One benefit of a miniscule budget (for a modern-day, wide-release film) is that there aren’t many studio notes to consider or nervous executives lingering around. Nowadays, $10 million is probably the budget for a Marvel movie’s craft services alone, and since Taccone and crew were able to stay on schedule and complete each day’s shot list, they further avoided more eyes on the project. They took that freedom and created an action film with moments so twisted, you don’t know if you should laugh. MacGruber’s monologue about how he met his deceased wife is jaw-dropping, and it’s told in such a matter-of-fact way that it takes a moment for the joke to register. Even Ryan Phillippe’s disgust is so subtle that it doesn’t immediately clue you in to the fact that it’s supposed to be funny. That’s the occasional brilliance of MacGruber.
The finale of the film sees Mac engaging in a super violent confrontation with Von Cunth. At first, MacGruber is only too eager — as he has been for the entire film — to cut off Von Cunth’s penis and shove it down his mouth. But when Mac realizes the appendage in question was blown off in an explosion he himself failed to prevent, he pushes Von Cunth off a cliff, shoots him with a machine gun on the way down, launches a grenade at his lifeless body, and finally urinates on the flaming corpse. The overkill is exceptional, and even though it’s playing on over-the-top kills in prior action films, the scene is edited so straight that it gives viewers zero catharsis in regards to the villain dying. Taccone and Forte ask the viewer to accept an awful lot of awfulness and doesn’t apologize for it, because MacGruber the rare film that really goes for it, consequences be damned.
“The Legendary MacGruber. Former Navy SEAL, Army Ranger, and Green Beret. Served six tours in Desert Storm, four in Bosnia, three each in Angola, Somalia, Mozambique, Nicaragua, and Sierra Leone. Recipient of 16 Purple Hearts, three Congressional Medals of Honor, seven Presidential Medals of Bravery, and starting tight end for the University of Texas, El Paso.”
When we are first introduced to MacGruber, we learn that he faked his death and has been living in Rambo-esque isolation in Ecuador since his fiancée was blown up by Dieter Von Cunth on their wedding day. After Phillippe’s Lt. Piper recalls MacGruber’s past achievements, a child disrespectfully steals MacGruber’s necklace and makes a fool out of him. For the next 85 minutes, the film pumps MacGruber up, only to promptly deflate his hero credentials each time.
Taccone and Forte were inspired by Die Hard, Rambo: First Blood Part II, and Road House, and they wrote MacGruber as an homage to them. They took the well-known tropes of those films — the heroes are amazing lovers, brilliant with guns, and impossible to kill — and flipped them on their heads. While MacGruber is occasionally successful (he literally can rip throats, remember), his lovemaking is sweaty and loud, he’s afraid of guns, and he rather enjoys having bullet holes in his body.
In the end, MacGruber saves the day, but he blows up his first team of war heroes, uses his comrades as human shields, and puts his crew in dangerous situations that are so frightening they pee their pants. In other words, he’s far from a hero, despite his “heroics,” but that also makes him a rather effective parody of the action stars who preceded him.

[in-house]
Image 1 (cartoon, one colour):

After 10 years, the sight of Kristen Wiig disguised as MacGruber or the bearded hitman Hoss Bender is still hilarious. Wiig’s performance as capable agent and talented vocalist Vicki St. Elmo is an absolute delight. It’s an all-in performance that features her screaming loudly in coffee shops and dodging Will Forte’s sweat during their outrageous love scene. The brand of weird self-delusion that she brings to the film serves as the perfect complement to MacGruber’s antics — the two of them seem happily in sync discussing whether Vicki’s going to take a number one or two when she walks off to the bathroom.
On the other hand, Ryan Phillippe’s performance as Lt. Dixon Piper is wonderfully straight-faced, and he’s at his best when he’s listening to MacGruber recall the shocking details of his history with Cunth, his body language subtly communicating the gradual horror that overcomes him. Val Kilmer is also perfectly cast as the pony-tailed Dieter Von Cunth, bringing balance to Forte’s manic energy with his wry delivery and sarcasm. Powers Boothe adds dignity and gravitas to the role of Colonel Faith, and former WWE wrestler Chris Jericho offers a scene-stealing cameo as Frank Korver, a friend of MacGruber who loves hearing his dick jokes.
MacGruber is the star of the show, of course, but without a supporting ensemble who understood the material, the movie couldn’t have worked. That’s why we hope the folks at NBCUniversal have the good sense to recruit the same cast for the MacGruber TV series — co-written by and starring Forte — that was announced earlier this year for the Peacock streaming service. That’s right: Soon you’ll be able to watch the clueless buffoon spout casually offensive lines and blow up his friends every week, and if done right, it could be a lot of fun.
MacGruber was released on May 21, 2010. For another passionate defense of the film, check out our book, Rotten Movies We Love, which celebrates 101 movies from the green end of the spectrum that deserve another look.